Shampoos are meant to clean the hair. There are “normal” sulfate based shampoos, non sulfate shampoos and stronger clarifying or chelating shampoos. For more info on those stronger shampoos, see my post on “preventing and dealing with buildup”.
As you probably already know, even though they work great in shampoos as far as cleaning the hair, sulfates can be very drying for the hair, stripping it of not just dirt and dust but also of its own natural oils, giving you that squeaky clean feeling.
This can sometimes be useful if you have buildup in the hair and need to get a “clean start”, but not something that should be used very often.
Luckily it is easy to know if the product is sulfate based when you look at the ingredients list since these ingredients always contain the word “sulfate”.
Sulfates come in different “strengths”:
Ammonium lauryl sulfate and Ammonium laureth sulfates (ALS) are the strongest cleansers, followed by Sodium lauryl sulfate and Sodium laureth sulfates (SLS). TEA laureth sulfate and sodium myreth sulfate are a bit gentler.
What to look for in “sulfate free” shampoos are:
Cocamidopropyl bataine: This is a gentle cleanser that is often found in Sulfate free shampoos. This is an ingredient that works well with tightly curly hair! It is also often found in baby shampoos since it is very mild.
Other gentle cleansers are:
- Coco betaine
- Disodium cocoamphodiacetate
- Disodium cocoamphodipropionate
- Sodium cocoyl isethionate.
Watch out for ingredients with the word sulfate but that aren´t the normal ALS or SLS sulfates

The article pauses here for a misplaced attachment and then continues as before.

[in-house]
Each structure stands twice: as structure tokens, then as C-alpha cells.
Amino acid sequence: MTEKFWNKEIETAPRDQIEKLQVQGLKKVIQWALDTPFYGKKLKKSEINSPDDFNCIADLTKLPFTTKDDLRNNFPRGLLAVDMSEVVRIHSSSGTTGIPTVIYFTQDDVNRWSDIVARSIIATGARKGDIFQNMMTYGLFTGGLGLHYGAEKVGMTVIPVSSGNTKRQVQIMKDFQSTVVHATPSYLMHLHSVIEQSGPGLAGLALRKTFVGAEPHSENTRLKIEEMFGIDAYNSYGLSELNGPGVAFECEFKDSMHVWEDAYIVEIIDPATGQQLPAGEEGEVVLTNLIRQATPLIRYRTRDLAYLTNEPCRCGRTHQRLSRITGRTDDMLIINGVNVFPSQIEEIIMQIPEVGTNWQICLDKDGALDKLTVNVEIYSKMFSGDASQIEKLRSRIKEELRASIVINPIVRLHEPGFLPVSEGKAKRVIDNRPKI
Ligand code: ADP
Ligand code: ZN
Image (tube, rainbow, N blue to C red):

Shampoos that contain these “other” sulfates that claim to be “sulfate free” can actually be even more drying than the regular sulfate shampoos! This is because these shampoos usually combine these other “sulfates” with other detergent ingredients, creating an even stronger detergent in the process while being “sulfate free”!!
Other cleansing ingredients that might be good to know is: ingredients ending with –sulfonate, -isethionate, -xylenesulfonate, -sulfosuccinate, -sarcosinate, -sulfoacetate.
Many sulfate free shampoos don´t lather as much as sulfate based shampoos. Even though you don´t need lather for the shampoo or conditioner to clean the hair, the lathering ability is actually of some significance when choosing a shampoo. I say this because the lather will help spread the shampoo through the hair, lessen the manipulation needed and thus reducing the risk of tangles and friction to the hair. When the shampoo lathers it is also an indication that the hair is clean since oils and dirt reduces the lathering ability of the shampoo. You might have noticed that your shampoo lathers less when your hair is very dirty or oily?
The ingredients that are so called “foam busters” are what makes the shampoo thicker and gives it the ability to foam.
Common “foam busters” are:
Lauramide diethanolamine (DEA)
Cocamide diethanolamine (DEA)
Cocamide monoethanolamine (MEA)
I hope this information was helpful in your search for a shampoo that will work well for your hair.
Remember that what works for some might not work for you and the other way around. Just because someone says that a particular ingredient is bad or doesn´t work well for their hair doesn´t mean that it is not going to be good for you.
Sulfates can be drying for the hair, but there might be a “moisturizing shampoo” out there that has sulfates in it that could work great for you too. If you use other products that contain silicones or other “hard to wash out” ingredients, or if you swim regularly, that shampoo might be perfect for you.
Knowledge about ingredients and how they work will empower you and help you find the products you need as well as give you a better understanding of why a certain product works or not for your hair.
Something else to keep in mind is also that your hair needs will change over time and with the different seasons.